Guidance Specifying Management Measures for Sources of Nonpoint Pollution in Coastal Waters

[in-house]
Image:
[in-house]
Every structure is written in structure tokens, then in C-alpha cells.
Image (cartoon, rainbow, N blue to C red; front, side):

This document contains guidance specifying management measures for sources of nonpoint pollution in coastal waters. Nonpoint pollution is the pollution of our nation's waters caused by rainfall or snowmelt moving over and through the ground. As the runoff moves, it picks up and carries away natural pollutants and pollutants resulting from human activity, finally depositing them into lakes, rivers, wetlands, coastal waters, and ground waters. In addition, hydrologic modification is a form of nonpoint source pollution that often adversely affects the biological and physical integrity of surface waters. In the Coastal Zone Act Reauthorization Amendments of 1990 (CZARA), Congress recognized that nonpoint pollution is a key factor in the continuing degradation of many coastal waters and established a new program to address this pollution. Congress further recognized that the solution to nonpoint pollution lies in State and local action. Thus, in enacting the CZARA, Congress called upon States to develop and implement State Coastal Nonpoint Pollution Control Programs. Congress assigned to the U.S. Environmental Protection Agency (EPA) the responsibility to develop this technical guidance to guide the States' development of Coastal Nonpoint Pollution Control Programs, which much be in conformity with the technical guidance. EPA developed this guidance by carefully surveying the technical literature, working with Federal and State agencies, and engaging in extensive dialogue with the public to identify the best economically achievable measures that are available to protect coastal waters from nonpoint pollution. This "management measures" guidance addresses five source categories of nonpoint pollution: agriculture, silviculture, urban, marinas, and hydromodification. A suite of management measures is provided for each source category. In addition, we have included a chapter that provides management measures that provide other tools available to address many source categories of nonpoint pollution; these tools include the protection, restoration, and construction of wetlands, riparian areas, and vegetated treatment systems. In addition to this "management measures" guidance, EPA and the National Oceanic and Atmospheric Administration (NOAA) have jointly published final guidance for the approval of State programs that implement management measures. That guidance explains more fully how the management measures guidance will be implemented in State programs.